First, the upper is using a proprietary charging handle. It is a little shorter due to the fact they don't need to interface with a gas key. Therefore, I can not use a Mech Armor Defense TacOps-1 charging handle. *sad face*
Second, the forward assist is not operational. This really isn't a big deal, as most shooters will never utilize the forward assist on a 5.56/.223 gun, but rim fire ammo can be inconsistent and my need a little help, now and then, to fully seat. Without a forward assist his is remedied by simply charging the gun again.
Third, you can lock the bolt open using the 'ping-pong paddle' but it does not hold it open enough to load a magazine and drop the bolt to load the gun. On the same note; the bolt will lock open after the last round, due to the Black Dog Machine Magazine follower, but once you remove the magazine the bolt will close.

Does It Work?
Hell ya it does! I haven't had this much fun shooting in a long time. My buddies and I were passing this gun back and forth while loading magazines and quickly killed a 500 round bulk pack. Overall, I have put a little over 1,000 rounds through the upper since I received it and have not experienced a single malfunction. I can hear you already, "Ya, whatever you're just saying that." but I'm not kidding. When I first started shooting I expected to encounter a handful of malfunctions (failures to feed/eject and short strokes) due to the general inconsistency of .22LR ammunition; especially since I had chosen nine different loads to put through it at first. I have yet to encounter the need to clear a malfunction. I would chalk this up too two things; the positive extractor on the bolt face and the Black Dog Machine Magazines.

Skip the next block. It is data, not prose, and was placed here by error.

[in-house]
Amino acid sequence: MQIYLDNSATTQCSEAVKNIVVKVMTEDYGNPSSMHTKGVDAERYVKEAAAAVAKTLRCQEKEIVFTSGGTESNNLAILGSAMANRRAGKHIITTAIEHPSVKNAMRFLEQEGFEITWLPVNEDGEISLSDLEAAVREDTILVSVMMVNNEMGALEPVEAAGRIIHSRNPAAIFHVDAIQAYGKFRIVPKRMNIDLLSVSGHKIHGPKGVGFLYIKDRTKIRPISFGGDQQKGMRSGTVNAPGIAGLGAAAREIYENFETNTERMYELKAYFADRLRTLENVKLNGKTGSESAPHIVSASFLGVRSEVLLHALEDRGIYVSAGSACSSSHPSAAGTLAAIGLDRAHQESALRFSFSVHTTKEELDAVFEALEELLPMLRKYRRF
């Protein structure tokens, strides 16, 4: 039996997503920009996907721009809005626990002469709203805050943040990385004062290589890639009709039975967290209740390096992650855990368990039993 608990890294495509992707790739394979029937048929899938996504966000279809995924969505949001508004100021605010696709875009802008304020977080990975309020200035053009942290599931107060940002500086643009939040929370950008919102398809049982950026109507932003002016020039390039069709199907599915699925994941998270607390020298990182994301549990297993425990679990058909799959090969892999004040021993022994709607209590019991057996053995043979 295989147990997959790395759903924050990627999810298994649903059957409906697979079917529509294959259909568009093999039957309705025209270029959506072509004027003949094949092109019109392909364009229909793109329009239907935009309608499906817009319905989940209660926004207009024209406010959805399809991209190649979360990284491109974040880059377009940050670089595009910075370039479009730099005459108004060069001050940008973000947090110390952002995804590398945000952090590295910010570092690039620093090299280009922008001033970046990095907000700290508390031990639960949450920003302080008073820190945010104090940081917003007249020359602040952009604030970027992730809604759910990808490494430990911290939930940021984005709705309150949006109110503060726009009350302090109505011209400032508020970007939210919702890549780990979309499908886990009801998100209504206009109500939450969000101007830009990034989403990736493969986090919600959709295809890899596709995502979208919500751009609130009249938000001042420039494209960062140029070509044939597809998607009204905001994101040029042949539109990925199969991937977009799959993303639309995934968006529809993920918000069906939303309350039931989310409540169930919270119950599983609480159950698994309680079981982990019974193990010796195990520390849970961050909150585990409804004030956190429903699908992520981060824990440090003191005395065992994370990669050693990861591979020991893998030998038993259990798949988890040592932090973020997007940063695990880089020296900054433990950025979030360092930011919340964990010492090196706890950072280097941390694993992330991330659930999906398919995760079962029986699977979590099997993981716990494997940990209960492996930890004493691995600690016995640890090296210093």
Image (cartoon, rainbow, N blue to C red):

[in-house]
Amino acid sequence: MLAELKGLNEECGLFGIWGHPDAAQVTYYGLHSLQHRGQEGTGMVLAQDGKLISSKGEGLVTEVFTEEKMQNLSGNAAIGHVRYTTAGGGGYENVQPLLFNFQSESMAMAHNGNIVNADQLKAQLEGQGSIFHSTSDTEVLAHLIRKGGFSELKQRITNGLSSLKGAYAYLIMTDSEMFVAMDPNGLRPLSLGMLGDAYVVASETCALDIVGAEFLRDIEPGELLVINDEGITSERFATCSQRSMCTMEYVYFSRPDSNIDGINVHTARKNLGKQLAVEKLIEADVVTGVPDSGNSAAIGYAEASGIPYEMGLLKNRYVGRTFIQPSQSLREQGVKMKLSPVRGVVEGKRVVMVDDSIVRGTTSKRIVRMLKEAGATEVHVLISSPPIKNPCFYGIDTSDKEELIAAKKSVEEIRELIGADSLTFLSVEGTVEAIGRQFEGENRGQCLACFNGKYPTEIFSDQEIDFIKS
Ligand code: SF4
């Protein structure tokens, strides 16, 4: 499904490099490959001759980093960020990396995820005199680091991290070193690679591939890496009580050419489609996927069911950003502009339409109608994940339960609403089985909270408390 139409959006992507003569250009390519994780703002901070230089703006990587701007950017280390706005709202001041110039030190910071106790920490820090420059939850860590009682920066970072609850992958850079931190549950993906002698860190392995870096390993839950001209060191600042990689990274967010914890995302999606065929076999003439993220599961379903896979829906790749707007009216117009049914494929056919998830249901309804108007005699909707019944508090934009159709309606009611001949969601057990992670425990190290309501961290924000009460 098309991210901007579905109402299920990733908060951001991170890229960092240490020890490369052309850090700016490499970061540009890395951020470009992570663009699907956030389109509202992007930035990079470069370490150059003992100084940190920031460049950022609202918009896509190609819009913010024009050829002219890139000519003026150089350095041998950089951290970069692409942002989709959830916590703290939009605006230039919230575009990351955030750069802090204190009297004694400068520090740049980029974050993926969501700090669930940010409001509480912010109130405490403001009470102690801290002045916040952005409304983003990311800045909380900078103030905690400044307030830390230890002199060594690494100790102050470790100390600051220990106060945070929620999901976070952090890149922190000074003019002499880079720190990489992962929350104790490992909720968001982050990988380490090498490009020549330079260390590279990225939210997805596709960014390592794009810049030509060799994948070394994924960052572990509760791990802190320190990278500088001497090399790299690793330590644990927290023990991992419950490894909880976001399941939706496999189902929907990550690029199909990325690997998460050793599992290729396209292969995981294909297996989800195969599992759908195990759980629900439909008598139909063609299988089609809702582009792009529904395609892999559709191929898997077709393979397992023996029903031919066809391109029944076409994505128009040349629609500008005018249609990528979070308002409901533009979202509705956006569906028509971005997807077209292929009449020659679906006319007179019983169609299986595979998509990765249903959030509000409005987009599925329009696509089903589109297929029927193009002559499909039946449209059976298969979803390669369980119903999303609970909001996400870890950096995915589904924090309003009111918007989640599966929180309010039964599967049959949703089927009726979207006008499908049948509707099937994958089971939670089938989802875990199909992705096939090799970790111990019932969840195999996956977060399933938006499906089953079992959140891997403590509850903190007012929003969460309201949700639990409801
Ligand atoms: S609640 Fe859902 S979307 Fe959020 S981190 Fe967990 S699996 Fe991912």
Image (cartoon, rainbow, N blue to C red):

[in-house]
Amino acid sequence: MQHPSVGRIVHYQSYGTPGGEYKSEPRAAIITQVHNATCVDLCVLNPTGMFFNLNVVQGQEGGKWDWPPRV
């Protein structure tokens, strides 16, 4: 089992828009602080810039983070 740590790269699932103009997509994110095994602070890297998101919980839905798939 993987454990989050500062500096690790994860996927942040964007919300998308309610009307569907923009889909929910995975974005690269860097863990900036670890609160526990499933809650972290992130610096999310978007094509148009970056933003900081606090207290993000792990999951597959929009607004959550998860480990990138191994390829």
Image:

I'm sure you all have encountered someone that claims their gun never jams; I have had several tell me this and I have no reason to doubt them, but guns are simple machines and as such, they all malfunction at some point. If your gun hasn't jammed you need to shoot it more. Apparently, I'll need to shoot more than 1,000 rounds through this upper in order to see it malfunction.



Accuracy
When I sat down to zero the rifle I wasn't overly concerned with making one raged hole. I was looking for an acceptable group at 50 yards, so that I could get out there and slay some tin cans and whatever else showed up in my sights. Using the 4MOA dot provided by the Vortex Strikefire (which completely covered the target at 50') I placed it over the target and pressed the trigger. Below are three ten round groups using Remington, Federal, and Winchester Bulk Packs. I have no doubt that even more accuracy can be squeezed out of this setup if I were to incorporate a magnified optic; especially on top of their Bull Barrel Assembly.



Take Away
With so many new people joining the ranks of the shooting community it only makes sense to start them on one of America's most popular and user friendly rifles. The natural progression of this is to chamber it in an affordable and abundant cartridge so you get the biggest bang for your buck. DPMS has a fantastic vehicle in their Dedicated .22LR Upper Assemblies for introducing a new shooter to the sport or keeping the skills of a seasoned shooter sharp.

3 comments:

  1. This comment has been removed by a blog administrator.

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  2. Thanks for the great article, I just pulled the trigger on one of these do to it and could not be happier. I had almost the exact same spare parts laying around as the writer exept for the Magpul moe gaurd and Sightmark Tactical red dot. Endless fun but need more mags as the rnds fly out quick.

    Old JarHead